This book will be of great interest to many readers with East African connections as
it is a study of the life and works of Clement Gillman 1882-1946 based on his diaries
and field research in East Africa. Although British by nationality he was educated in
Germany and Switzerland, having a German mother, and it was to German East
Africa that he went at the beginning of his career in 1905 and indeed he spent the
greater part of his life in Tanganyika. He developed a great interest in the environment
and made a major contribution to geographical works in that country. Described by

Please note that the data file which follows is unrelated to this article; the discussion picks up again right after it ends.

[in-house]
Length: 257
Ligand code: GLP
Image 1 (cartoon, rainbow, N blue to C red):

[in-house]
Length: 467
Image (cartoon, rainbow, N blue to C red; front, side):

some as "the man who was Tanganyika" this enigmatic character clearly epitomises
the political, cultural and social development of German East Africa and Tanganyika
from the turn of the century to the end of the Second World War.
His diaries give some insight into the passionate life of the inner man and any who
are concerned with development planning in East Africa would derive much benefit
from a study of his work.
After a lifetime of public service in East Africa he continued his research work. And
it was on an air journey to Moshi that he died, still making notes with his pencil in his
hand, within sight of Kilimanjaro, the mountain he knew and loved so well.
The book is illustrated with photographs which have been lent by the Gillman
family and these too help the reader to understand the man who described himself as
"a preacher in the wilderness" and who was undoubtedly a pioneer during his lifetime.